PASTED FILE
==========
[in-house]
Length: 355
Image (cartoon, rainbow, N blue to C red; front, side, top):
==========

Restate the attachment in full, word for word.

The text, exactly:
[in-house]
Length: 355
Image (cartoon, rainbow, N blue to C red; front, side, top):